Annie smiled and examined the painting signed in his familiar messy handwriting in the bottom right hand corner. Just as Mason described it, it was beautiful. Annie stood on the sand in the center of the painting with extended belly, wearing a blue and white striped sweater, face radiant and glowing with a wide smile. Mason stood beside her, arm wrapped around her shoulders proudly. His dome lacked a single strand of hair. Annie cocked her head at the sight, but then moved her eyes to the two small children huddled around their legs. The one standing in front of Mason held up a pink starfish, grinning so wide it looked like it hurt. He was missing his front teeth, and his large ears were obviously a trait he acquired from his father. Annie giggled and looked at the other boy. He was hugging her leg, peeking shyly up at her face. His hair was light brown like hers but his eyes were as blue as the ocean in the background. Annie’s breath caught in her throat at the sight of Mason’s eyes mixed with her own familiar features.
She quickly set the painting back in the basket and moved on to the next item. There was a ‘World’s Greatest Mom’ mug with a note sticking out of it. She pulled the paper out and read:
This is the mug I give you on your first Mother’s Day. Jordan is only three months old, so he couldn’t pick it out himself, but I’m sure this is exactly what he would have chosen.
Tears filled Annie’s eyes but she bit them back and moved on. She removed the note attached to a beautiful glittering diamond hairclip.
This is the hairclip I convinced you to wear with your veil at our wedding. You argued with me for a good hour about how cliché diamonds are, but I insisted, since this was the same clip that my mother and grandmother wore at their weddings. You saw the value in continuing the family tradition and finally agreed. Whew.
Annie admired the clip for long moments. The diamonds were beautifully arranged into the shape of one large rose with a long curved stem. She set the clip back into the basket tenderly and went to the next item. A small brass key.
This was the key to our first home together. It was a little house, but it had a washing machine AND a dishwasher. Not to mention a big backyard where we hosted plenty of barbeques. Our families came over for Easter in that house for three years. Even your annoying cousin from New Jersey that always had to bring his yappy little Chihuahua with him everywhere he went. We started looking for new houses a week after we found out you were pregnant with Jordan.
Annie couldn’t keep the tears at bay any longer. They dripped down her cheeks as she pulled the note off of a small, brown, stuffed bear.
This is the bear I bought for Jackie the day of her birth. I couldn’t decide whether I wanted to get her a bunny or the bear. I stood in front of the shelf in the store for over an hour. The bunny had softer fur, but the bear was cuter. I finally had to decide when I got your phone call. You yelled at me for not being at the hospital with you to hold your hand. I bought the bear as quickly as I could and got there three hours before Jackie came in to this world. I had bruises on my hand from where you were squeezing it so tight. It’s okay though, I’m not mad.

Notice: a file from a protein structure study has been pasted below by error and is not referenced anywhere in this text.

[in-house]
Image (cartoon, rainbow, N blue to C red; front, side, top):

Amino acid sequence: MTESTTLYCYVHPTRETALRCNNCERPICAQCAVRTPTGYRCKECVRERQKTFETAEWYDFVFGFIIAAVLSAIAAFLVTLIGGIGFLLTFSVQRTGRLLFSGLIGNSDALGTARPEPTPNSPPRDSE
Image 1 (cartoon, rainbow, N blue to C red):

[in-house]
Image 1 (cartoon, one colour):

Annie wiped the tears from her cheeks and read the note tied to a small ukulele.
Our wedding song was ‘Somewhere Over the Rainbow’. A man played it for us while we danced. It was just his voice alone with his ukulele. I couldn’t keep my eyes off of you the whole time we were on the dance floor. You looked so utterly beautiful, and I couldn’t believe you were my wife. I couldn’t believe how lucky I was. I found it hard to breathe, especially when you would look up at me with that look in your brown eyes. It was a look that I cannot properly explain in words. Perhaps someday you will know what I mean.
Annie’s body shook and tears blurred her vision. Her heart was doing somersaults in her chest and she drew in a ragged breath. The people in the room were whispering intently to each other while they stared. They were so enraptured in thick skinned Annie Eyebrows’ emotional display, an extremely rare and strange event, that they didn’t notice the boy standing in the doorway, fidgeting from foot to foot.
Mason watched Annie nervously. Usually at the sight of her tears, he would give her a playful shove and call her a wimp. She would then proceed to tackle him and wrestle him into a headlock until both of them were laughing and she had forgotten what she was crying about in the first place. But this time was different.
Mason leaned against the doorframe and patiently waited as Annie swiped her tears away and continued on to the next item. A silken green scarf. She removed the letter and read:
I bought this scarf for you on your birthday a year after your hair fell out. Even though I preferred you bare-skulled, you got self conscious in public. I haven’t the faintest idea why. You have the most beautifully shaped head. Much prettier than mine by far, but that’s no surprise. This is the last scarf you wore before you were cured.
Annie rubbed the fabric with her fingers and held it to her face. She was sobbing harder than she ever had before, and in front of so many people! It didn’t matter though. She used the scarf to dry her tears and then moved on to the next item. A smaller painting.